RK Bridal’s Bridal Industry Glossary
A-line - or Princess gowns have vertical seams flowing from the shoulders down to a flared skirt
Antebellum Waist - Dress has natural waistline that dips two inches to a point in the center front.
B2B - Bride-to-be.
Ball gown - or ballerina gown, is the most traditional wedding gown. It has a full bodice and a synched waistline that falls into a full skirt
Basque Waistline - Waistline of dress is two inches below the natural waist; often dips to a point in the center front.
Bertha Collar - Cape of fabric or lace attached to neckline for shawl effect.
Bishop Sleeve - Full sleeve that ends in gathered band at wrist.
Blouson - Drooping fullness in fabric from bodice to waist; gathered at or below waist.
Blusher - The part of the veil that covers the bride's face.
BM - Bridesmaid. Acronym often used in newsgroups or email messages.
Brocade - A thick woven fabric with raised designs, typical in Victorian wedding gowns and traditionally popular in fall and winter wedding gowns.
Brush Train - Very short train that just sweeps floor during walk.
Caplet Sleeve - Falls several inches below elbow in soft flare.
Caplet Train - Flows from back of shoulders.
Cathedral Train - Material extends three yards from waist.
Charmeuse - A lightweight, semi-lustrous fabric, much like satin.
Chiffon - Made from silk or rayon, is sheer and transparent, so it's often layered. A popular fabric for the overskirts, sheer sleeves and wraps of wedding gowns.
Court Train - Extends a little under three feet from waist.
Crepe - A lightly thin fabric with a crinkled effect.
Dolman Sleeve - Top of sleeve is wide, cut in one piece with shoulder.
Duchesse Satin - A silk and rayon hybrid woven to look like satin.
Empire Waist - High waisted with short bodice. Skirt begins two or more inches above natural waist.
FMIL - Future Mother-in-Law. Acronym often used in newsgroups or email messages.
G2B - Groom-to-be
Georgette - A sheer fabric of polyester/silk with a crinkle crepe-like surface.
Gibson Sleeve - Full at shoulder, fitted at wrist.
Halter - A sleeveless bodice that wraps at the neck.
Illusion - Sheer net-like fabric used for the sleeves or necklines of wedding gowns.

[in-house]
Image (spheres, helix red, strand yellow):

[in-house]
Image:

Leg-of-mutton Sleeve - Very full puff at shoulder, tightly fitted on the forearm.
Matron of Honor - A married woman who stands by the bride's side.
MOH - Maid of Honor. Acronym often used in newsgroups or email messages.
Off-the-shoulder - A neckline that sits below the shoulders or drapes over the upper arm.
Organdy - Stiff transparent dress fabric.
Organza - Similar to tulle, but flows freer in wedding gown skirts, sleeves and overlays.
Peek-a-boo Sleeve - Sheer, puffed sleeve; different fabric showing through underneath.
Peplum - Short flounce or overskirt attached at waistline.
Poet Sleeve - Pleated at shoulder; very full from shoulder to cuff.
Princess Line - Dress style with a slightly flared design; accentuates the waist, but doesn’t hug the body.
Queen Anne Neckline - High on sides and back; open bodice in sweetheart shape.
Queen Elizabeth Neckline - High collar stands up in back, comes to a closed V in front.
Sabrina Neckline - Begins two inches inside shoulder; straight across front.
Satin - The most popular wedding gown fabric, glossy on one side.
Shirred Waist - Fabric is gathered to make a horizontal panel at waist.
Sweep Train - Slightly longer than brush train.
Sheath - A slim, body-hugging wedding dress silhouette.
"Save the Date" Card - These informal announcements precedes the wedding invitations several months ahead and allows your guests to make the necessary arrangements to attend your wedding. "Save the Date" cards are ideal when your wedding date falls in close proximity to a major holiday.
Scoop - A U-shaped wedding gown neckline.
Silk - The most expensive and rich wedding dresses fabric; there are several different textures, but most are smooth, glossy and sleek.
Strapless - A wedding bodice without straps.
Sweetheart - A wedding dress neckline that resembles the top half of a heart.
Taffeta - A slightly crunchy fabric with a slight ribbing effect.
Trousseau - French, from Old French, diminutive of trousse bundle. The personal possessions of a bride usually including clothes, accessories, and household linens and wares.
Trumpet Skirt - Tapers close to legs, flares at or below knee; think mermaid.
Trunk Show - Usually held at a local bridal shop, a trunk show allows a bridal gown designer to "show off" her/his latest designs to the shop's customers.
Tulle - Used in wedding skirts and veils; silk, nylon or rayon netting.
V-neck - Also called a plunging neckline or low-cut neckline, dips down in the front.